Take a hike!  Probably the best hike in the park is Mount Washburn.  It's not for the casual tourist though (although I saw a woman with one leg and crutches make it to the top, so you can too).  About half of Yellowstone is one large caldera, which is essentially a flat volcano.  There are mountains surrounding the caldera, but only one mountain remains within it, which is Mount Washburn resulting in an amazing, uninterrupted panorama of the entire park.  On the east side of the park, you can drive partially up the mountain, then start your hike from the parking lot.  The trail is wide since it is a service road to the fire watch tower on top of the mountain.  Don't forget your bear spray, bears can be anywhere in Yellowstone.  It is about two miles of switchback, take it easy, you'll get to the top eventually.  Once at the top, you can see snow capped mountains, Yellowstone canyon and lake, and even the Tetons!

1. Book your lodging about one year in advance.  The beautiful lodges book up very quickly and the hotels nearby are just as expensive and certainly less beautiful.  If you didn't book the lodge in time consider camping, glamping, airbnb, or staying in a nearby town (Bozeman or Livingston).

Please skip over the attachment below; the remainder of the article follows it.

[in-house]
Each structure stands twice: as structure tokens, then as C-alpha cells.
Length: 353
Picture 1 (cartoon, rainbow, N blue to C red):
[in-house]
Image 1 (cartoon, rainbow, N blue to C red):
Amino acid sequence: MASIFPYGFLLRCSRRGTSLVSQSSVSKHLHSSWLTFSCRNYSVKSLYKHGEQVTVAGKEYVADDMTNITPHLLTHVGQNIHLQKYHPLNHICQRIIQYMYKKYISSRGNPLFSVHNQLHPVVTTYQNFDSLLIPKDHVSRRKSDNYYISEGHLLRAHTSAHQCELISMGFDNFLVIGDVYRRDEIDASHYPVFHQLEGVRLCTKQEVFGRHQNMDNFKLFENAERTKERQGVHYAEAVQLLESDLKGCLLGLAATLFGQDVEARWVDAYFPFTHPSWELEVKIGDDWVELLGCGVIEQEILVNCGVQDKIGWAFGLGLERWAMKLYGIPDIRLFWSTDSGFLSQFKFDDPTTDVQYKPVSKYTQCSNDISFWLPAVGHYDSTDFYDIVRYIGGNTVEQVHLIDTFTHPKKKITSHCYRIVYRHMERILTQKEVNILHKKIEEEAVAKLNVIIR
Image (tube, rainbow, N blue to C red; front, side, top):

2. Minimize the crowds and traffic by going in May or September, getting to the park really early or staying really late in the day, and only go on the weekdays.  You don't want to spend your entire trip sitting in traffic or finding a parking spot!

3. See the famous sites, they are famous for a reason... Upper Geyser Basin (Old Faithful and Morning Glory), Mammoth Hot Springs, Grand Prismatic, Lower Falls, and wildlife spotting in Lamar Valley.